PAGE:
4. Whitworth Female College
Rev. H. F. Johnson, D. D., President
Brookhaven, Miss., Nov. 24, 1883
Mr. R. T. Strain
Sir. I am in receipt of your letter addressed to Mr. J. D. Terrell. I found Emma in Beauregard, Miss., the night of the Cyclone, with a broken thigh. She was taken to Mr. Holliday's, from there bro't to my house. She was destitute, but Mrs. J. and my family took the best care of her possible. She wanted for nothing. Her thegh healed nicely all right. I intended to keep her but Mrs. Torry and her husband, Mr. John Torry begged for (her) and as they are well off and have no children, Mrs. J. and myself finally consented for her to go. They have adopted her as their own child and she will receive over half their estate. She is to be finely educated. As soon as she is old enough she is to enter this school.
She has a piano, pony, red saddle and servant to go with her, and everything that she can wish for. I was told that both you and Mrs. Strain were dead. I have written about that (so) you may know your daughter is in the best of hands.
Of course you have my sympathy, but I am sure that you will feel comforted in knowing that Emma has the best care possible. She is in better hands than she has been since you parted with her, and my advice is that you let her remain where she is, however you must decide for yourself. Will give you any further information I can.
H. F. Johnson
5. The next letter shows that Cam has moved to Sharmon, Arkansas. Sharmon could not be located near today's map, but Sharmon Cemetery is located at Bussey, Arkansas. This is where Cam's oldest child, Lou E. Lewis, is buried. She does not mention Emma or Vernon, but Vernon obviously gets out of jail in 1883 because their first child is born in 1884. Vernon's mother has also moved from Mississippi to Sharmon. I guess Cam is still hoping to get a share of her Granddaddy Barnett Hollingsworth's estate when she is asking William "to collect that money for me..."
Dec. 10th, 1883
Mr. William Strain,
My dear brother and sister I will write you a few lines. I am at Mrs. Lewis' and have been sick every since I have been here. I left all of people well in Texas, but that is the last place on earth to me. I would give any thing to see you all. I have nothing in this world that would interest you all for me to write any longer. Mr dear brother, I wish you would be so kind to me as to collect that money for me, it would be a great pleasure (the "pleasure" was marked out) help to me. Will you please send it to me soon as you can. My Dear Sister Bettie you and Will must writhe to me oftern for it would be a great pleasure to me to think you all cared enought (of me to ) write to me. Miss that darling little Agnes and Ada. I will write you all a long letter next time. I will have to close for this time for I can not sit up any longer. It looks like to never will get (to see them). Write soon ( ) of ( ) your loving Sister, Camellia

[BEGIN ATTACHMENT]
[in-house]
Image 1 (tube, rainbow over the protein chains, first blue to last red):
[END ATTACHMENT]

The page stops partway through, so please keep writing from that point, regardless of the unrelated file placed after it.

6. This next letter is the last letter that we hve fromCam and a good one to remember her by. It is an upbeat letter which indicates that here life is finally going in the right direction and that they are all well. She has moved again, but I don't hink very far from Sharman and not too far from Mount Holly. She and Vernon now have three children which indicates the year to be around 1889. She mentions visiting with her sister Bennie and Bennie's kids visiting her. She mentions Katie who lives with Bennie, but she never mentions Emma anymore. We know that Sharmon Cemetery is located in Bussey, AR and that the cemetery is only less than a half mile from the Thomas and Bennie (Strain ) Keith place. Cam has come home.
Glasgow P. O.
My Dear Sister Bettie and brother Willie,
I know you all think that I have forgotton you, but I have not. I so often think of you all and wish that I could see you all. We are all well. Bennie came to see me not long go. They are all well. She has a little babe but has not name him. Will, I thought that I would have written to you long go, but never did and I am ashamed of myself, but you all must excuse me, I have three little chidren, too boys and one girl. My little girl is going to school, learing very fast as named my little boy Willie after brother Will. Bettie I will let you give him a middle name. Bettie I don't know what I would give it I could see you all, but we are living too far apart. I do wish that we did live clost together, for I though so much of you. You must write to me and tell me all about your little children for I know that you will never have no more children. Will siad that last one would be the last, you know that to be so.